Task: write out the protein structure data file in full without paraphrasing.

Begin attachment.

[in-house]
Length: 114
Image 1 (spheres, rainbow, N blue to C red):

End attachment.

[in-house]
Length: 114
Image 1 (spheres, rainbow, N blue to C red):